One day in the not-so-distant future there will be no one left from the previous
century, and I will find, I myself have grown old. On the fifth floor, you will find
a costume company run by an old Italian man. I cannot remember his
name, but
whenever he saw me, he always gave me a mask or a gag of some
sort. This floor
could not be accessed for it was locked from the inside, so I would
have to look
through the glass door and hope he would wander out and see me.

                                                                   Pg 20

On the twelfth floor was a tailor shop that always had a spare dress form wheeled out into
the hallway. When I first saw it, I was a bit baffled by the vintage relic. Aside from never
seeing one before, and having no idea why anyone could ever want one, there was a certain
eeriness about the way it just seemed to be waiting there. After a while, I wondered why no
one ever took it, considering, so many opportunities had been afforded.

The business was run by two old men, Giuseppe and Irving. They had an uncanny ability to get
under each other's skin, like an Italian Oscar and a Jewish Felix. On occasion, I would see an
unusual piece of chalk in the form of a triangle that had made its way past the door jamb. Since
they came in so many different colors, I perceived it to be some kind of foreign lozenge lying
there without a wrapper. Sometimes they were quiet, usually when they were very busy, but
most of the time they would just throw miscellaneous words at one another and complain.

“Vere did you put the ladies' halters?”
“What ladies’ halters?”
“The ones in the crate that came yesterday!”

“They picked them up while you were out to lunch, you schmuck.”
“Nice of you to tell me, and don't call me a schmuck.
You are not Jewish. I am a Jew; I can call you a schmuck,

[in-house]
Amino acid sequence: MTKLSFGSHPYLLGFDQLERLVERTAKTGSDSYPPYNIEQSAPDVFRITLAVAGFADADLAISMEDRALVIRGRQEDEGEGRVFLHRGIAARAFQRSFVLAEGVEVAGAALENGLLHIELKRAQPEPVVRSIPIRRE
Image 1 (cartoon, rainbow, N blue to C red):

but you cannot call me a schmuck, understand?”
“Okay-okay, Cretino.”
“Vhat Cretino. Vhat are you calling me?”
“It's Italian for putz!”

Occasionally, the uneasy sound of a howling wind could be heard coming from way down
in the basement, and this I knew was the freight elevator. What I can tell you is that it's an
Otis piston elevator with a steel walkway grid design on both the ceiling and floor. Since
it is powered by water and not electricity it makes a very foreboding sound that raises an
eyebrow when one is alone. It is operated by pulling a steel cable hand over hand up, or
hand under hand down using thick leather gloves. As you descend past the second floor, a
steel ball connected to the cable comes up and barely makes it through this small housing
I call the O-ring. This special device it would appear has been mounted to run midway
down the cab, perpendicular from the ceiling inside the car to prevent or to dampen
any vibration caused by the cable or to merely keep the cable running straight. 

From there, the ball has just enough space to come out through a hole in the ceiling made of
hardened steel, as well. This tells the operator that he is reaching the basement, and if you are
pulling a heavy load, you had better slow down. If you don't pay attention to the cable, or if your
thumb should accidentally be above the steel ball as it passes through the O-ring at this point.
A door slammed shut and my thoughts scattered. Mother was gone too and finally, I was alone.
                                                           Grapefruit - Elevator

                                                                   Pg 21

Bill Donelly - How come no one wrote anything for this chapter?

Charles Pendelton - Dude. . . You just did.

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PG 18) The living is easy-est with stainless steel - Sharon Steel, 1960 -

PG 18) Hammock
by Wade Harris -

PG 18) House of Mystery No. 13
by Esao Andrews -

PG 18) Ghosts
by Chet Zar -

PG 18) The second day of Genesis
by Jacek Yerka -

PG 19) Auschwitz by Anton Semenov -

PG 19) Fishing On 42nd Street
by Dennis Jacobsson -

PG 20) The pleasantries of a full enclosure

PG 21) Former figure
by Amos Sewell -

PG 21) More Courtesy poster
(circa 1930's) -

PG 21)
(a) Elisha Otis at the Crystal Palace in New York, 1853; (b) Otis piston-type hydraulic elevator